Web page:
History Student Amelia Boughn’s Study Abroad Experience – ACAM 390A

Amelia Boughn, a 2019 History Graduate, participated in Prof. Henry Yu’s ACAM 390A course in the summer of 2018. ACAM 390A is a Global seminar titled “Kaiping- The Heritage of Chinese Migration” and in 2018, took place in Hong Kong and Kaiping, China. This course explores multi-disciplinary perspectives on the histories, cultures, and geographies of Cantonese migration.

Watch a snapshot of Amelia’s experience studying in China with a short video (below) and scroll down further to read a Q&A with Amelia about the value of studying abroad. 






How did you hear about the Global Seminar- ACAM 390A?

I decided at the beginning of my fourth year that I wanted to study abroad before graduation. Because I was also playing varsity ice hockey, I was unable to go away during the school year. I focused my search on courses offered during the summer. I came across the ACAM 390 course on the Go Global website and immediately applied, as the course description spoke to my interests in both history and in public health. 


How was your experience working with Prof. Henry Yu?

I thoroughly enjoyed learning with Professor Yu. He challenged me to re-examine my own perspectives and opinions as we learned, making me feel quite disoriented at times, especially while in Kaiping. I felt that I finished the class with more questions than when I started, which I think is the sign of a great prof! One of my favourite experiences with Professor Yu was on an off-day we had in Kaiping, when he invited me and another student along with him to map out a bike route to a town we would be going to with the class later on in the course. We ended up getting a little bit lost and taking the scenic route through hundreds of Kaiping rice fields. It took us several hours longer than we anticipated to get to our destination, but along the way we had a great adventure and had some stimulating, thought-provoking conversation!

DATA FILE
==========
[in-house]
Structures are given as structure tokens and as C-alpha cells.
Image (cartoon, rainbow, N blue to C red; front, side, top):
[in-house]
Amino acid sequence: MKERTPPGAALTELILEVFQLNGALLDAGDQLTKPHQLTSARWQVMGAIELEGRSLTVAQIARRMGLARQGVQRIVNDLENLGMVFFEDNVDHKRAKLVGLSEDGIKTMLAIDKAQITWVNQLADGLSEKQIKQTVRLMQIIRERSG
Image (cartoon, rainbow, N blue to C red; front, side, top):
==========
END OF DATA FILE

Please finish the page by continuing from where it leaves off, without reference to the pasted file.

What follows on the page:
How did this program affect you personally and professionally?

Personally, this program had a tremendous effect on my life as it allowed me to meet other students from various majors and faculties across UBC. Our group forged close friendships during our time in Kaiping and many of us are still in touch a year after our trip. Professionally, spending three weeks abroad learning about food and health in a small community highlighted to me how big our world really is. It contains billions of people, each with their own sets of values, beliefs, and personal and collective histories. I was challenged during this course as I tried to wrap my mind around these new ideas and work with my classmates to bring the voices of the people at Cang Dong Village back to Vancouver through the film that we made. 


What are you up to now? Can you apply anything you learned from this course to your current studies/work?

I have just moved back home to Ontario after graduating and in the fall will be starting a Masters of Science in Global Health at McMaster University. My experience last summer in this course played a huge role in my decision to apply to the global health program. Not only did the course introduce me to the challenges and rewards of studying abroad, but my group's project on the relationships among food, health, and community in Cang Dong Village piqued my interest in the study of public health as an intersection between science and the humanities, a gap that I had been trying to bridge since I arrived at UBC as a transfer student from a science program at another university. I feel ready to embrace this next opportunity in large part because of my experiences in ACAM 390. 


For more information:

Prof. Henry Yu was featured in a recent History Spotlight article: http://www.history.ubc.ca/content/spotlight-faculty-henry-yu

Video was created by Angela Ho from the Asian Canadian and Asian Migration Studies Department